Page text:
Perceptions about data-informed decisions : an assessment of information-use in high HIV-prevalence settings in South Africa
CITATION: Nicol, E. et al. 2017. Perceptions about data-informed decisions : an assessment of information-use in high HIV-prevalence settings in South Africa. BMC Health Services Research, 17(Suppl 2):765, doi:10.1186/s12913-017-2641-1.
The original publication is available at https://bmchealthservres.biomedcentral.com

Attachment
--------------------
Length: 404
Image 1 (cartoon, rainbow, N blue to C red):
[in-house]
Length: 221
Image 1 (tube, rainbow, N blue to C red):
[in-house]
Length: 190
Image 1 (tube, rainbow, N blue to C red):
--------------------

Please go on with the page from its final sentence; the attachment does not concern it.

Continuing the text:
Background: Information-use is an integral component of a routine health information system and essential to influence policy-making, program actions and research. Despite an increased amount of routine data collected, planning and resource-allocation decisions made by health managers for managing HIV programs are often not based on data. This study investigated the use of information, and barriers to using routine data for monitoring the prevention of mother-to-child transmission of HIV (PMTCT) programs in two high HIV-prevalence districts in South Africa. Methods: We undertook an observational study using a multi-method approach, including an inventory of facility records and reports. The performance of routine information systems management (PRISM) diagnostic ‘Use of Information’ tool was used to assess the PMTCT information system for evidence of data use in 57 health facilities in two districts. Twenty-two in-depth interviews were conducted with key informants to investigate barriers to information use in decision-making. Participants were purposively selected based on their positions and experience with either producing PMTCT data and/or using data for management purposes. We computed descriptive statistics and used a general inductive approach to analyze the qualitative data. Results: Despite the availability of mechanisms and processes to facilitate information-use in about two-thirds of the facilities, evidence of information-use (i.e., indication of some form of information-use in available RHIS reports) was demonstrated in 53% of the facilities. Information was inadequately used at district and facility levels to inform decisions and planning, but was selectively used for reporting and monitoring program outputs at the provincial level. The inadequate use of information stemmed from organizational issues such as the lack of a culture of information-use, lack of trust in the data, and the inability of program and facility managers to analyze, interpret and use information. Conclusions: Managers’ inability to use information implied that decisions for program implementation and improving service delivery were not always based on data. This lack of data use could influence the delivery of health care services negatively. Facility and program managers should be provided with opportunities for capacity development as well as practice-based, in-service training, and be supported to use information for planning, management and decision-making.